When it comes to organic food in Europe, no one does it better than Germany. Over the past few years, the Bund Ökologische Lebensmittelwirtschaft (BÖLW) found that the value of the organic market has continued to grow, with it shooting to €14.99 billion in 2020. This is thanks to Germans buying 22% more organic food and beverages, which resulted in the sale of organic product increasing at almost double the rate of the rest of the food market.
However, much like any other product that’s commercially available, this brings the opportunity for people to exploit it for their gain. Food fraud is rising globally, and it can have a huge impact both on farming and the health of the public consuming it.
Electrix, leading provider of electrical enclosure boxes, has researched food fraud, how it impacts organic farming, and what can be done to cut it off at the source.
Food fraud – what is it?
The definition of ‘food fraud’ refers to any food that has been subjected to mislabelling, unauthorised enhancement or dilution of a product, or intentional concealment. It also covers food that is produced, diverted or distributed by grey market means.
Food fraud is most frequently seen with mislabelling, and this can have a number of repercussions. Foods are often sold by restaurants and retailers as what they’ve been incorrectly labelled as, which can lead to illness or worse if consumed. Not correctly labelling food with the appropriate allergens or the right storage instructions doesn’t just affect trust from consumers but also could pose a legitimate threat to their health.
How does this affect organic food and its farming in Germany?
The main motivation of food fraud is economic. In fact, the European Commission said that damage caused per year by food fraud reaches between €8–12 billion. The premium price tag attached to organic products means that it is more likely to be mislabelled fraudulently or tampered with. For this reason, organic food fraud is on the rise everywhere, but especially in Germany. Between 2016 and 2019, the EU Food Fraud Network saw the largest number of requests for investigations and information around fraud, with more than 70 requests coming from Germany.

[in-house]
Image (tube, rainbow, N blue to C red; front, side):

There are more regulations for organic food than for conventional food. Growing and farming organic foods means that pesticides, growth hormones and added chemicals are all prohibited, and the foods are checked with laboratories to ensure they meet the standards to be classified as organic.
The knock-on effect of this on Germany’s organic agricultural industry is the damage dealt to consumer trust and consistency in the supply chain. Consumers want to get what they’re paying for, and if they’re receiving products that aren’t aligning with the price tag, they’ll not buy again – which will echo through to affect suppliers too. In turn, if distributors must be more selective with their suppliers, the efficiency of the supply chain will be affected too.
What’s being done to address it?
Several directives have been introduced to make sure that the products consist of the quality they’re to be advertised and sold as.
For food and food-related products imported from outside of Europe, the European Commission (EC) introduced the Trade Control and Expert System (TRACES). This is an online tool that tracks and manages the product journey before it reaches European countries. The EC also introduced The New Organic Regulation and The Official Controls Regulation, which act to protect the fairness and rights of food importation and exportation within Europe.
Though we’ve seen a rise in food fraud over the past few years, hopefully the introductions of these initiatives will encourage a decrease over time.
While organic farming in Germany continues to flourish and benefit the economy, the rise in food fraud threatens its future. Organic food fraud being the most common type of food fraud could not just damage economic value, but also supply chain stability and consumer trust. Although Germany being has the most requests for investigations, increased measures introduced by the European Commission mean that more is being done to nip the growing fraud numbers in the bud.